The Girls are Back in Town

In the Shangaan communities, young girls and boys are often sent to “bush schools,” to undergo a highly-regarded rite of passage into womanhood and manhood. The initiates disappear into the bush for about one month. Today, they come home.

Vuvuzellas are sounding from bukkies (trucks) holding up flags stretched out in the wind. And everywhere buses hopping with energy unload the bush girls (now women) frocked like psychedelic peacocks. They pronk up to the yard of a relative where the whistling and stomping begins as a fresh chicken is prepared. It’s a good time to reflect on the value of community, especially in development work. Everyone in the community wants better lives for their children. It’s important that A Spring of Hope is in tune to what kind of future the community envisions and works collaboratively to achieve it. A major criticism of development work is its ability to “take over” the jobs that government should be doing. In Limpopo, the local government is over-burdened in its commitment to increase access to improved water sources. The best thing we can do is work closely with the government, whose goals are aligned with ours, and help amplify the voices of the people the government seeks to serve. That is what we have been doing the last few days driving around the various villages. We received a list of schools without water access from the Department of Education. On Wednesday and Friday we visited these schools to determine their current situation. Some had done their own fundraising to construct a borehole. For those, we will work to provide inexpensive items such as piping to facilitate garden growth. One such school turned a broken down Playpump into an operating borehole now used to provide water to the gardens and spigot. The amazing thing is, after schools have started garden programs, the Department of Education sends out instructors to help it grow and school administrators are able to receive A Spring of Hope-sponsored gardening workshops from our flagship school, Beretta Primary. This way, I think ASOH is a tool for people to exercise their own ambitions.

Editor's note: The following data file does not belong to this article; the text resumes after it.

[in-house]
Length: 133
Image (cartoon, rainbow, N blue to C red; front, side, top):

Bafana and I goofing off after the Mapusha ceremony

Out here, it’s all about community. We spent the morning at the Mapusha Weaver‘s grand opening of their new facility, the New Dawn Center. The Mapusha is a women’s weaving cooperative in Acornhoek that has been spinning, dying, and weaving their own yarn since the 1970s. In 2012, the Church grounds where their workshop was located demanded higher rent which the women could not afford. An American donor stepped in to finance the New Dawn Center, a completely new facility for the weavers next to a community creche, or preschool. In the future, the facility will provide English classes to the community and a soup kitchen. I am very happy ASOH is able to sponsor such a homegrown initiative by financing a borehole. It’s a small investment in an already big idea designed by the very people who live in the community they want to assist. Fluffy white pap was cooked up in a black cauldron and peri-peri chicken and boersworst hissed over a flame. The celebration teemed with life–but it wasn’t so unusual. Even in the dead of night out here, where you can only spot the white bulbs outside of a few rural homes, music pumps through the sky. Every day is a celebration. Bafana, the son of one of our volunteers, and I enjoyed the creche playground built by Nick from Seeds of Light, one of our awesome partner organizations. Bafana especially loved the slide, which he insisted I go down even after I told him I was afraid. We made some new friends in the community and filled our bellies. Afterward, we caught a glimpse of the bush girls’s homecoming. Very good timing.

This wasn’t our only celebration while we’ve been here. The new site of the Nourish Center, if you have been following our Facebook updates, received a borehole from us last week. It wasn’t without trying times, however. Our first drill was drier than ground bone. We received permission from the local chief, Induna Mnsisi, to drill on land outside of Sarah’s one hectare. We found water there after a very tense few hours. The soil was damp, but we didn’t get that gushing we were looking for. Over the weekend, the borehole filled and we celebrated by drinking Amarula at the Chief’s house. Sarah of Nourish was thrilled to finally begin the expansion of the Center’s garden. It’s hard to say how the roles of Chiefs will evolve, or whether the bush schools will hold their cultural value. Either way, we are here to celebrate and embrace the changes the people here seek to drive.